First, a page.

AI Matters: Getting to the Heart of Data Intelligence with Memory and Storage

By Eric Booth - 2019-02-18T06:00:00.0000000Z

I recently presented at a Micron webinar with Forrester Consulting titled “AI Matters: Getting to the Heart of Data Intelligence with Memory and Storage." My co-presenter, Wes Vaske, recently wrote a blog discussing some of his research into the role of memory and storage in enabling AI workloads. Here I want to expand on the story with a focus on memory.

AI Blog - Figure 1

One of the key findings from Forrester’s study is that when it comes to building an AI capable infrastructure, the availability and performance of memory was the number one concern of system architects and IT professionals that were surveyed. 90 percent of respondents said that they have near-term plans to re-architect their systems to get memory and compute closer together. One way to do this is to move AI workloads off the CPU and onto a graphics card or other AI accelerator that makes use of near memory. The evolution of AI hardware accelerators has created a demand for high performance near memory solutions. It is well documented that AI accelerators can achieve order of magnitude performance gains over CPUs for many AI workloads. What is not as well documented is the role that near memory plays in accomplishing these impressive leaps in performance.

AI Blog - Figure 2

Figure 1: The “Roofline Model” for analyzing performance bottlenecks of applications in a system1-2

Figure 1 shows a representation of a roofline model. This model is often used by system architects and application developers to analyze performance bottlenecks of various applications in a system. The Y axis represents compute operations per second, and the X axis represents compute operations per byte of data that is accessed from memory, often called computational intensity. The maximum compute power of a system sets the horizonal part of the roofline, and the maximum memory bandwidth sets the slanted part of the roofline.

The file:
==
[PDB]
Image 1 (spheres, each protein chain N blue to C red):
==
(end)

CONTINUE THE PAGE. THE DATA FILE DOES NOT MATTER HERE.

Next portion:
An application can be plotted as a point on this chart to visualize performance bottlenecks. Memory bound AI applications, which will bump against the slanted part of the roofline, are unlikely to benefit from a system with more compute power unless the memory bandwidth increases as well. As each new generation of AI accelerator dramatically raises the compute roofline, more pressure placed on the memory interface to prevent bottlenecks. This is why Micron is investing in next generation of near memory technology, including GDDR and HBM. The next generation of AI accelerators will require next generation memory devices with more bandwidth than ever before.

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Figure 2: The AI landscape from the perspective of a memory and storage provider

A second key point that was discussed in the webinar is that although AI workloads will continue to exist in the datacenter and cloud, future growth will likely be focused on the edge and endpoint applications. Figure 2 shows the AI landscape from the perspective of a memory and storage provider.